People are often surprised to learn that I haven’t got any tattoos, not a single one. Multiple piercings and scars, but zero on the inkage front; the main reason being I’m a bloody indecisive Libran.
However, there’s one thing I would consider having tattooed about my person – a phrase, in fact – to act as a permanent reminder when the going gets tough:
This too shall pass.
I know, I know, pass all the fromage, but as a professional worrier it’s a saying I find myself turning to more and more frequently in order to CTFD (Calm The Fuck Down).
You know when something bad, really bad, has happened and you start to get all caught up in a snowballing cloud of impending doom? When you get so worked up, you start ugly-crying, complete with mascara streaks and snot bubbles? When you can’t see the proverbial wood for the trees?
I try and claw back some sense of perspective by taking a deep breath and reminding myself that this shit-show shall certainly pass (alternative phrasing fyi).
It’s essentially a snappier way of saying, ‘will this stuff matter a year from now?’. I recently applied it when, upon landing back at Luton airport from a weekend break in Budapest, the (so-called) meet-and-greet car-parking company had (I quote): “Lost my car”.
I didn’t do too well at handling that particular situation, tbh, bawling like a baby for three hours then having to hitch a lift home, minus my own vehicle. But I managed to get a good night’s sleep by reminding myself that this will all be sorted in a year – month, week, day! – from now, by which point it will be quite an irrelevant detail in my life and I won’t even care.
It can give you a HUGE amount of much-needed perspective when dealing with adversity, from making a mistake at work, through to scraping your car, getting a black eye or leaving your handbag on the train (guilty as charged on all counts, I’m afraid).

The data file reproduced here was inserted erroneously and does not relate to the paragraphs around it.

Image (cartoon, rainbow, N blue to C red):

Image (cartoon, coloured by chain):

So these photos were actually taken about a week or so after #CARGATE, when I met up with the amazingly talented artist, Ella Masters. We recently discovered that we’re practically neighbours in deepest, darkest Zone 6 so caught up over coffee. Lots of coffee.
It was so nice being able to have hangs with a kindred-spirit without having to trek 320589905 miles into East London and back. Instead, we covered a lot of ground conversationally, discussing everything from the future of blogging, mortality, imposter-syndrome and er, pleather skinnies, jewellery and jogging.
I was just getting over a chest infection when Ella and I met up and it felt so, so good to finally get out of the house and back into the real world. As you can see, the sun was shining and it was one of those balmy autumnal afternoons, perfect for picture-taking.
But as I said goodbye to Ella, I started to feel funny. I mean, it wasn’t that hot but I had a right ol’ sweat on and was feeling faint. I had to go home straight to bloody bed again. Turns out, my infection had developed into (a mild form) of pneumonia. FFS!
This, too, shall pass.
The world doesn’t stop spinning just ‘cos your shit’s hit the fan. You can look at bad situations as catastrophic and invest endless energy into worrying; by overreacting and blowing things out of proportion.
When something awful happens, it’s easy to descend into despair and to look backwards. Yesterday things weren’t like this! Why can’t it be then again, and not now?!
But it’s all about riding those waves in the sea of life. Yup, I totally just said that. Look for the good in the situation. What is the situation trying to teach you?
Oh, and if anyone was wondering, I was finally reunited with my car the following morning. Turns out it had broken down and was in one of their other car parks. I had to pay for a taxi back to Luton, and get the RAC man out, but it turned out ok. Hours before, I thought my world had ended.
The moment, it passed.
Photos: Ella Masters